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Nikki Haley’s Iranian Problem




Back in 2014 when the U.S.-Iran nuclear deal was still being negotiated, S.C. governor Nikki Haley signed a law prohibiting South Carolina from investing funds (or negotiating contracts) with companies that pumped $20 million or more into the Islamic republic’s energy sector.

After the controversial deal was reached, Haley joined other “Republican” governors (including Chris Christie, John Kasich and Scott Walker) in penning a letter to U.S. president Barack Obama informing him of their objections.

“The lifting of federal sanctions that will result from this agreement will only result in Iran having more money available to fund terrorist groups and attacks,” the letter (.pdf) stated. “The people of our states will not be safer as a result of this agreement, much less citizens of countries like Israel which Iran has threatened to destroy.”

The letter added that “various state-level sanctions that are now in effect (will) remain in effect.”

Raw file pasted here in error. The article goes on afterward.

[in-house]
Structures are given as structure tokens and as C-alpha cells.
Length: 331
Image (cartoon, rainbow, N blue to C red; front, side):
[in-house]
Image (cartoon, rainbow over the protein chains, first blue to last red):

Tough talk …

Obviously Obama’s deal passed the U.S. Congress thanks to yet another “Republican” surrender.  And thanks to some undisclosed advocacy from aircraft manufacturer Boeing, which just entered into a $25 billion deal to sell airplanes to Iran.

Boeing, of course, has received more than $1 billion in crony capitalist, taxpayer-funded subsidies from the state of South Carolina.  Haley has not only embraced these handouts, she has been Boeing’s biggest cheerleader.

She’s also led the the push to keep Big Labor from gaining a foothold at Boeing’s North Charleston, S.C. facility … although those efforts have opened her up to some pretty spectacular allegations of hypocrisy.

Simply put: Haley is in a box.

On the one hand, she is on the record ripping companies doing business with Iran as enablers of terrorist activity (and has signed legislation blocking their investment).  On the other hand, the biggest crony capitalist company in her state is now doing business with the Islamic republic to the tune of $25 billion.

What’s a sellout to do?

We wrote earlier this year about how Haley’s command economic endeavors have not benefited South Carolina’s economy – and since our piece ran the supporting evidence has only mounted (here and here).

Seems like an ideal time for Haley to make a break with crony capitalism if you ask us … although our suspicion is she will stick with her corporate bosses.